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N Korea at crossroads

North Korea and ASEAN heal ties torn by Kim brother's murder

Two years after airport incident, suspects await ruling as early as summer

Doan Thi Huong, center, is escorted out of a courthouse in Kuala Lumpur on Aug. 16, 2018. She is one of two women on trial for the killing of Kim Jong Nam, half brother of North Korean leader Kim Jong Un.   © Reuters

KUALA LUMPUR -- North Korea and key members of the Association of Southeast Asian Nations are finally starting to mend fences two years after the murder of North Korean leader Kim Jong Un's half brother in Malaysia.

Diplomatic tensions had flared after the incident as Southeast Asian countries bristled at their own citizens being dragged into the affair. A Vietnamese woman and an Indonesian woman have been charged with killing Kim Jong Nam at Kuala Lumpur International Airport by smearing VX nerve agent on his face.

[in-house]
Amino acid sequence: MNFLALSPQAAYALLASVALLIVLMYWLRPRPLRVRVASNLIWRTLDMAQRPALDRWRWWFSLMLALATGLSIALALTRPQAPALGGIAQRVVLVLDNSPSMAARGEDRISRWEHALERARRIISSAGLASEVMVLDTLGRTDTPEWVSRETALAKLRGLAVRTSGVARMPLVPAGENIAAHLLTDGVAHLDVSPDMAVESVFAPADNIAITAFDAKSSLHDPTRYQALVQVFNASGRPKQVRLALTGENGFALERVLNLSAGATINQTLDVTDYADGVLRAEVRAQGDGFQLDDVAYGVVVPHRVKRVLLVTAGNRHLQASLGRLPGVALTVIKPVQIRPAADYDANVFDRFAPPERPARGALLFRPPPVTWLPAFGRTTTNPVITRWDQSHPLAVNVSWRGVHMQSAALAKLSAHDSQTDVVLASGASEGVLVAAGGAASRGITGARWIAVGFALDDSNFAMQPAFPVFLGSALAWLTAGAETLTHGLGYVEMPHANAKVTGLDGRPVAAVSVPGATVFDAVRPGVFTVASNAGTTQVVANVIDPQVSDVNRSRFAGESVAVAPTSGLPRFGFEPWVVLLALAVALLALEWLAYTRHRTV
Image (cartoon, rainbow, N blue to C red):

The murder drove a deep wedge into diplomatic and economic ties between North Korea and Malaysia, which shut down its embassy in Pyongyang.

Four North Koreans are also wanted for the murder. But all fled Malaysia shortly afterward, making the North's involvement difficult to prove.

The tide began to shift when Kim Jong Un met with U.S. President Donald Trump in Singapore last June. Southeast Asia has since toned down its criticism of North Korea and is watching for developments in the country's negotiations with Washington.

North Korea itself is working to win back traditionally friendly countries in the region, such as through sending Foreign Minister Ri Yong Ho to visit Vietnam. Vietnam will soon host the second Trump-Kim summit in its capital city of Hanoi in a show of thawing tensions with the North.

The trial for Kim Jong Nam's murder is also moving forward. The judge said in August that prosecutors had presented enough evidence to infer that the women were involved in a well-planned conspiracy. The pair will have a chance to defend themselves from mid-March to late June and could take the stand. What type of evidence they will present is unclear. A ruling is expected as early as summer.

Under current law, the women would be sentenced to death if convicted of murder. But Malaysian Prime Minister Mahathir Mohamad's government is expected to submit legislation abolishing capital punishment to the parliament in March at the earliest.

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